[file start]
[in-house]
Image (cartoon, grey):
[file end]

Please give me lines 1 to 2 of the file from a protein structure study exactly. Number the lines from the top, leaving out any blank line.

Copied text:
[in-house]
Image (cartoon, grey):